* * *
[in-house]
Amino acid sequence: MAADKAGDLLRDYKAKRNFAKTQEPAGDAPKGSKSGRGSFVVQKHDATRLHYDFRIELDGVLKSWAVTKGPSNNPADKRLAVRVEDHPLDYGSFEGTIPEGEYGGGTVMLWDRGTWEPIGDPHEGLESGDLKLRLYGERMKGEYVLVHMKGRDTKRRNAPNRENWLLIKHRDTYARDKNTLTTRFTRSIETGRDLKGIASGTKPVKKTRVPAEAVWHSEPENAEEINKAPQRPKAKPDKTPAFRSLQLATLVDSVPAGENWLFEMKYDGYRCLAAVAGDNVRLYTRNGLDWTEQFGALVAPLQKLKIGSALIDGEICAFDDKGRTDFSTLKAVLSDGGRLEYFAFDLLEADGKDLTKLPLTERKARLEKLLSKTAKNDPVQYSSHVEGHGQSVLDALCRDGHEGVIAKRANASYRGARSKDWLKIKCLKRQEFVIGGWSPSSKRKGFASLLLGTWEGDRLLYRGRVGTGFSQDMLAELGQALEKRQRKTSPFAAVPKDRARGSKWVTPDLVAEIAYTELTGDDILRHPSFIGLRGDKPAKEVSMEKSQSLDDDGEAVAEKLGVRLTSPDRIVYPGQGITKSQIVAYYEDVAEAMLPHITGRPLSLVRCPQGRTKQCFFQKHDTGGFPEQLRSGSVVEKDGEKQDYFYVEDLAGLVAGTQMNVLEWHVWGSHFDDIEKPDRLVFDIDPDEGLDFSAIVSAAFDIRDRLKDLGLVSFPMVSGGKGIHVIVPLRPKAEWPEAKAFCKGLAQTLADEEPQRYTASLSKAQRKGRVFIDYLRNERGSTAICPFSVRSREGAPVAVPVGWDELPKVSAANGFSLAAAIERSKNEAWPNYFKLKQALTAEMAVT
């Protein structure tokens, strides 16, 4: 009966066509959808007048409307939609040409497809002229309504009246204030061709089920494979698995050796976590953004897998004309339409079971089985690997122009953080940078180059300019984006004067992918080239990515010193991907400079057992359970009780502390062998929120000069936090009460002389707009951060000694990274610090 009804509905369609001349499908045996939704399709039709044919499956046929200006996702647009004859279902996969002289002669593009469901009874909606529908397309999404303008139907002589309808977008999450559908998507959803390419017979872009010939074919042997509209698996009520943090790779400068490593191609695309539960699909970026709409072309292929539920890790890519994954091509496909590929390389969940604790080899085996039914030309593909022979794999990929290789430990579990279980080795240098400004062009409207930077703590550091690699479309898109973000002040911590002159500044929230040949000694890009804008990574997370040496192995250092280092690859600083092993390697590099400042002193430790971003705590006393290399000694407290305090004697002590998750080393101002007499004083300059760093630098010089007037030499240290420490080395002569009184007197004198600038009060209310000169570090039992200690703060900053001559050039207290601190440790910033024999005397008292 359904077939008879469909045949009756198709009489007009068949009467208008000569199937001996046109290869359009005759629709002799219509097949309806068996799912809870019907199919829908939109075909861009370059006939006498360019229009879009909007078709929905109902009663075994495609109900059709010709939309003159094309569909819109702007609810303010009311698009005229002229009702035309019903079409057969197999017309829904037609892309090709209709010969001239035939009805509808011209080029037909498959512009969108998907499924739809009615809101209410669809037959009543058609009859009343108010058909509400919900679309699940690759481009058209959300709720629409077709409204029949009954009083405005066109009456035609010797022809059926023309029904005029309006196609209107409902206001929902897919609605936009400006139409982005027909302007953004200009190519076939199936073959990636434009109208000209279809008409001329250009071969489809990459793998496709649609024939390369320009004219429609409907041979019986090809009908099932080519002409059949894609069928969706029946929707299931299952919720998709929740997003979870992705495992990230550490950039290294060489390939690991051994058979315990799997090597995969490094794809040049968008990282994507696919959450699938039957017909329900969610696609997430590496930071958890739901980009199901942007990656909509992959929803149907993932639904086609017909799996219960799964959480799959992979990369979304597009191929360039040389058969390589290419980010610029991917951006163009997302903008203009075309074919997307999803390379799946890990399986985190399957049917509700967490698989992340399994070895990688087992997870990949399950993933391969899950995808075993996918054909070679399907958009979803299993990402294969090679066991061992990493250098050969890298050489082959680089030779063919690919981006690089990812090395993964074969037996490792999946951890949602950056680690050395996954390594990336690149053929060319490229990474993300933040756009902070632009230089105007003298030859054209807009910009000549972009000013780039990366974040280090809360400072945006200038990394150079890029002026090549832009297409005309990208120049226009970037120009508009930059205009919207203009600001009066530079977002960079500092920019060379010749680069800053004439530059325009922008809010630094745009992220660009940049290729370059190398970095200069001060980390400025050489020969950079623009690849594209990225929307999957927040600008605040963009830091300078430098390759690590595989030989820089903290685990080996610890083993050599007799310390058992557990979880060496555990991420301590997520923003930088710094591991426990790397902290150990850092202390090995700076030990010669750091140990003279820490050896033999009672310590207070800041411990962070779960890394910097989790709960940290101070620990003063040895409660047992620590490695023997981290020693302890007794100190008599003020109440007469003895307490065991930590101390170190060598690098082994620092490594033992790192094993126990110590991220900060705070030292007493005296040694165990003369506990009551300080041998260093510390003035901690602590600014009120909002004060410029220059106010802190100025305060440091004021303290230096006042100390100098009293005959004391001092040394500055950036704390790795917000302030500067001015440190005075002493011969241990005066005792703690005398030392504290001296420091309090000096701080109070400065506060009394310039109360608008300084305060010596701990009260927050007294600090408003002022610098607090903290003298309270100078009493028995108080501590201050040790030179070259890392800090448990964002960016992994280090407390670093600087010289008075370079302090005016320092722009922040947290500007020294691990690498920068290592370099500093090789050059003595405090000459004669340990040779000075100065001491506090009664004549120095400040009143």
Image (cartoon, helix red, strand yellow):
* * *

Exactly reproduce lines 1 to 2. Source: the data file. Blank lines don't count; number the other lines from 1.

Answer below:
[in-house]
Amino acid sequence: MAADKAGDLLRDYKAKRNFAKTQEPAGDAPKGSKSGRGSFVVQKHDATRLHYDFRIELDGVLKSWAVTKGPSNNPADKRLAVRVEDHPLDYGSFEGTIPEGEYGGGTVMLWDRGTWEPIGDPHEGLESGDLKLRLYGERMKGEYVLVHMKGRDTKRRNAPNRENWLLIKHRDTYARDKNTLTTRFTRSIETGRDLKGIASGTKPVKKTRVPAEAVWHSEPENAEEINKAPQRPKAKPDKTPAFRSLQLATLVDSVPAGENWLFEMKYDGYRCLAAVAGDNVRLYTRNGLDWTEQFGALVAPLQKLKIGSALIDGEICAFDDKGRTDFSTLKAVLSDGGRLEYFAFDLLEADGKDLTKLPLTERKARLEKLLSKTAKNDPVQYSSHVEGHGQSVLDALCRDGHEGVIAKRANASYRGARSKDWLKIKCLKRQEFVIGGWSPSSKRKGFASLLLGTWEGDRLLYRGRVGTGFSQDMLAELGQALEKRQRKTSPFAAVPKDRARGSKWVTPDLVAEIAYTELTGDDILRHPSFIGLRGDKPAKEVSMEKSQSLDDDGEAVAEKLGVRLTSPDRIVYPGQGITKSQIVAYYEDVAEAMLPHITGRPLSLVRCPQGRTKQCFFQKHDTGGFPEQLRSGSVVEKDGEKQDYFYVEDLAGLVAGTQMNVLEWHVWGSHFDDIEKPDRLVFDIDPDEGLDFSAIVSAAFDIRDRLKDLGLVSFPMVSGGKGIHVIVPLRPKAEWPEAKAFCKGLAQTLADEEPQRYTASLSKAQRKGRVFIDYLRNERGSTAICPFSVRSREGAPVAVPVGWDELPKVSAANGFSLAAAIERSKNEAWPNYFKLKQALTAEMAVT